The flight is not as easy as the visa. A mid-day flight from Bangalore to Delhi when all my relatives wish me good-bye. By luck, I get a business class seat and I do not see anything fancy about the service. A long halt at Delhi (including paid entry to the new airport lobby as my flight leaves more than 5 hrs later)! Just one call to my wife that I am safely on my way. As all of us happily wait at the lobby, a posse of policemen swoop into the lobby. I am jolted out of my reverie. There is unclaimed luggage close to where I am sitting. I am shooed away, along with many others. A fully equipped bomb squad guy comes and inspects it for quite some time. As he takes out each item one by one, he swears in chaste Hindi (some thing I learnt in Indore). Most of us watch the gripping spectacle while some are actually indifferent. At the end, he just drives the luggage away and we breathe easy.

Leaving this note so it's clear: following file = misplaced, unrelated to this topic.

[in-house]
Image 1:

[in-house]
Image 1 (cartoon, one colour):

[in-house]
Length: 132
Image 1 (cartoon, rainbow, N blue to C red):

As I check in at the American counter, they repeatedly ask me if I am going to Narita after Chicago. I am scared that I might after all reach Japan instead of the USA and I tell them I have never heard of the name. Things work out after a little delay and I get a window seat. My only grievance is my toothpaste needs to be checked in separately and they tell this as I am about to board. The flight takes off on time and I catch up on a much-needed nap. The 15 hour ride is so boring. When I wake up, we are over the Atlantic and close to Greenland. Seeing all the mounds of ice over Greenland excites me. The sun’s been up ever since I woke up though the local time is close to midnight. I am reminded of Kishore’s Alaska trip to the land of the midnight sun. The food is nothing to write about. As we circle Chicago, the big lake and the never-ending city seem to invite us warmly.